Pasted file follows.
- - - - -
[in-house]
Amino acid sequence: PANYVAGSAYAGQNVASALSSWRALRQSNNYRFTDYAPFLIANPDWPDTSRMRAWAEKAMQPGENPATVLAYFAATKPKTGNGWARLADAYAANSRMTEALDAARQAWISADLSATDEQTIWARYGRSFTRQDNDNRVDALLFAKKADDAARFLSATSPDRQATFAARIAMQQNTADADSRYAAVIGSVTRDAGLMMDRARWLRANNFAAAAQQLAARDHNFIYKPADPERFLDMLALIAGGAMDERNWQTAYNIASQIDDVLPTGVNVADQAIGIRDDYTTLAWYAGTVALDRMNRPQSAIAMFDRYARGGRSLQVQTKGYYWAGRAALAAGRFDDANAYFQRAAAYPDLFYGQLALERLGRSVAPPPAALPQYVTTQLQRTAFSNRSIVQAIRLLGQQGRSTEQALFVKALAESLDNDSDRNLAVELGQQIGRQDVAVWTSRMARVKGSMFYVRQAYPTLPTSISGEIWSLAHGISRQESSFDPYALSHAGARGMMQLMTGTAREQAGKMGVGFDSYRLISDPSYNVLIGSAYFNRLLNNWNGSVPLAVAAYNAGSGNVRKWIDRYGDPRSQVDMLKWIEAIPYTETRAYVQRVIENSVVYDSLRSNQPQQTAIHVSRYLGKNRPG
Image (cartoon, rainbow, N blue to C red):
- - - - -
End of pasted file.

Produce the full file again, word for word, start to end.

[in-house]
Amino acid sequence: PANYVAGSAYAGQNVASALSSWRALRQSNNYRFTDYAPFLIANPDWPDTSRMRAWAEKAMQPGENPATVLAYFAATKPKTGNGWARLADAYAANSRMTEALDAARQAWISADLSATDEQTIWARYGRSFTRQDNDNRVDALLFAKKADDAARFLSATSPDRQATFAARIAMQQNTADADSRYAAVIGSVTRDAGLMMDRARWLRANNFAAAAQQLAARDHNFIYKPADPERFLDMLALIAGGAMDERNWQTAYNIASQIDDVLPTGVNVADQAIGIRDDYTTLAWYAGTVALDRMNRPQSAIAMFDRYARGGRSLQVQTKGYYWAGRAALAAGRFDDANAYFQRAAAYPDLFYGQLALERLGRSVAPPPAALPQYVTTQLQRTAFSNRSIVQAIRLLGQQGRSTEQALFVKALAESLDNDSDRNLAVELGQQIGRQDVAVWTSRMARVKGSMFYVRQAYPTLPTSISGEIWSLAHGISRQESSFDPYALSHAGARGMMQLMTGTAREQAGKMGVGFDSYRLISDPSYNVLIGSAYFNRLLNNWNGSVPLAVAAYNAGSGNVRKWIDRYGDPRSQVDMLKWIEAIPYTETRAYVQRVIENSVVYDSLRSNQPQQTAIHVSRYLGKNRPG
Image (cartoon, rainbow, N blue to C red):